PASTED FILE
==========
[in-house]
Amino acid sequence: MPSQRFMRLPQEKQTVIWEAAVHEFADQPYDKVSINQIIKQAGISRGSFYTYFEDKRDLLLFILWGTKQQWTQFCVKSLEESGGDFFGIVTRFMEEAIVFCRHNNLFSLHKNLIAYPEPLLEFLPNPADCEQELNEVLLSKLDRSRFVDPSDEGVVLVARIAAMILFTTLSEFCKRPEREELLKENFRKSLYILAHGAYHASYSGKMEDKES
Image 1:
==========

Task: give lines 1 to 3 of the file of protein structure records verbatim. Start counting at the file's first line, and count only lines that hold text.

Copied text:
[in-house]
Amino acid sequence: MPSQRFMRLPQEKQTVIWEAAVHEFADQPYDKVSINQIIKQAGISRGSFYTYFEDKRDLLLFILWGTKQQWTQFCVKSLEESGGDFFGIVTRFMEEAIVFCRHNNLFSLHKNLIAYPEPLLEFLPNPADCEQELNEVLLSKLDRSRFVDPSDEGVVLVARIAAMILFTTLSEFCKRPEREELLKENFRKSLYILAHGAYHASYSGKMEDKES
Image 1: